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    1. Introduction 1 2. Preliminaries 3 3. The homotopy spectral sequence 5 4. Products in π∗(−,−) 8 5. Pairings of spectral sequences 10 6. Towers of spectra 13 7. A counterexample 17 Appendix A. lim-towers 18 Appendix B. Manipulating towers 19 Appendix C. Spectra 22 References 30

    1. Introduction

    A tower of homotopy fiber sequences gives rise to a spectral sequence on homo- topy groups. In modern times such towers are ubiquitous, and most of the familiar spectral sequences in topology can be constructed in this way. A pairing of towers W∗ ∧X∗ → Y∗ consists of maps Wm ∧Xn → Ym+n which commute (on-the-nose) with the maps in the towers. It is a piece of folklore that a pairing of towers gives rise to a pairing of the associated homotopy spectral sequences. This paper gives a careful proof of this general fact, for towers of spaces and towers of spectra.

    Of course the main result is well-known, and in one form or another has been used continuously for the past forty years; the paper is therefore mostly expository. The only thing which might possibly be considered ‘new’ is the adaptation of the results to the modern category of symmetric spectra, given in section 6. The reason the paper exists at all is that I was trying to understand these spectrum-level results, and found the existing literature extremely frustrating. After a long time I finally gave up and decided to rebuild everything from scratch, and that is what the present paper does. After all the machinery is laid out and the sign conventions in place, the actual results are fairly simple.

    When producing a pairing of spectral sequences, the work often divides into two parts. One part is completely formal, and says that in a certain kind of situation there is automatically a pairing. The non-formal part involves either getting into



    such a situation to begin with, or else interpreting what the formal machinery ac- tually produced. The present paper deals only with the formal part; its companion [D] works through the non-formal part in a few standard examples.

    Other references for multiplicative structures on spectral sequences are: [FS, Appendix A], [BK2], [GM, p. 162], [K], [MS, Thm. 4.2], [V], [Sp, Chap. 9.4], [Wh, XIII.8].

    1.1. Summary. The main difficulty with this material is the need to be careful about details. Among other things, one has to get the signs right. This entails, for instance, having an explicit choice in mind for the differential in a long exact sequence on homotopy groups. One also has to be careful about keeping track of orientations on spheres. Several sections of the paper are devoted to details like this, as well as to recalling some basic material: sections 2 and 3 handle the case of spaces, and then Appendix C deals with the case of spectra.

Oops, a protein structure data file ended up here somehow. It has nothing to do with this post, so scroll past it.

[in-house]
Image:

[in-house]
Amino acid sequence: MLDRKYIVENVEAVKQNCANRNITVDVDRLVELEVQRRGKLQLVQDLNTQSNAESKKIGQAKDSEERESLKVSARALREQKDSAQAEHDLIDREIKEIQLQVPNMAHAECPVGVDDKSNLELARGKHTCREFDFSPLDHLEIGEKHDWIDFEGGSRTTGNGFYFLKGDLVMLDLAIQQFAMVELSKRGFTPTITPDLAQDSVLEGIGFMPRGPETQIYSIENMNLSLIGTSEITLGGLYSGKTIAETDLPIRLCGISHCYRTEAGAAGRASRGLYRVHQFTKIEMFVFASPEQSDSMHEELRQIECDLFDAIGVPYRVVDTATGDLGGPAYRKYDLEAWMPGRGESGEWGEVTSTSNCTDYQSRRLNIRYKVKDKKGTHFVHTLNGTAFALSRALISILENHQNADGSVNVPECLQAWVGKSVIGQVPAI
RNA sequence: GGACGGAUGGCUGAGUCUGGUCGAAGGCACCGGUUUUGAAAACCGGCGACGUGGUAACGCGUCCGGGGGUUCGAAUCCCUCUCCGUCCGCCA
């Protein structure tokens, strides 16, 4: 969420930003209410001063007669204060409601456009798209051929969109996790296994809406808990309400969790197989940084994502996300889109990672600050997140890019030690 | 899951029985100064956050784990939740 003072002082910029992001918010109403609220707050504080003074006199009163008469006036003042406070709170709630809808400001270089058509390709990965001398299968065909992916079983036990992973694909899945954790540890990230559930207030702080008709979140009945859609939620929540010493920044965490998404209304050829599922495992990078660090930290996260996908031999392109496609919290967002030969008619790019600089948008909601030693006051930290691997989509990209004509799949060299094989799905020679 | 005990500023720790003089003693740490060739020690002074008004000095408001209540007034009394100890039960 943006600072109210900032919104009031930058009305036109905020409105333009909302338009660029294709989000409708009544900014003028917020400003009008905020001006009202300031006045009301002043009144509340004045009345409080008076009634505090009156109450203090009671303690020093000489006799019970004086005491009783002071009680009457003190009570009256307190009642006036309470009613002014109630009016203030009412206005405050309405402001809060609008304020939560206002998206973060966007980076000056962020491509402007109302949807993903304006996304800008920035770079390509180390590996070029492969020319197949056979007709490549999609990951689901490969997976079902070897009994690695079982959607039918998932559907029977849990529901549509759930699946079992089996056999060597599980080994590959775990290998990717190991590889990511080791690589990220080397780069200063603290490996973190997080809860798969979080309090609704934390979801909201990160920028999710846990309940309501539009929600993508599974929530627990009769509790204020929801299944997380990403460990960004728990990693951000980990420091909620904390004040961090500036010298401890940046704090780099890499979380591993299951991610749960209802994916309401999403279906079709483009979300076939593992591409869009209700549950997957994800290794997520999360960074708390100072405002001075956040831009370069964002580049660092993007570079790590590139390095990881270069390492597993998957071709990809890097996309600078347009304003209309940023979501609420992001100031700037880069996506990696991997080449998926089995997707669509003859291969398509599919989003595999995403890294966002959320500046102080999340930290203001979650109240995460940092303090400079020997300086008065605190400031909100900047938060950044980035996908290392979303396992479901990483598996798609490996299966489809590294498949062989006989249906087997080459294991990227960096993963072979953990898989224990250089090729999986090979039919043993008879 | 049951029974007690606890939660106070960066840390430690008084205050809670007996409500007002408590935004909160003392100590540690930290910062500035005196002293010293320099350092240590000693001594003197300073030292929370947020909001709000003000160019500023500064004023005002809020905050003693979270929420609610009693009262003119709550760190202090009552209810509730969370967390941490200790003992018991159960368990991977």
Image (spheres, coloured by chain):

Sections 4 deals with products. The ultimate reason homotopy spectral se- quences are multiplicative is Proposition 4.1—everything else is just elaboration. I find this easier to understand than other discussions in the literature, but the reader should check those out for himself. A treatment of products similar to the one given here is in [Ad, pp. 236–243].

    Sections 5 and 6 give the basic multiplicativity results for towers of spaces and spectra. For spectra, our category of choice is that of symmetric spectra [HSS], mostly because of the simplicity and elegance of the basic definitions. The results of [MMSS, S] show that theorems proven in this category will work in any of the other modern categories of spectra. It is also true that our proofs are generic enough that they should work in most other categories, with only slight modifications.

    When dealing with pairings of towers, it’s important that everything commute on-the-nose. A pairing that commutes only up to homotopy will not necessarily induce a pairing of spectral sequences—section 7 gives an example. Moreover, the conditions that would have to be checked to know there is an induced pairing are unwieldy in practice. This causes certain difficulties associated with the fact that not every symmetric spectrum is cofibrant and fibrant. If one has an on-the- nose pairing between towers and then applies a fibrant- (or cofibrant-) replacement functor to all the objects, there is not necessarily a pairing between the new towers. The bulk of the work in section 6 is to get around this problem via a small trick, but it’s a trick that ends up being useful in many situations.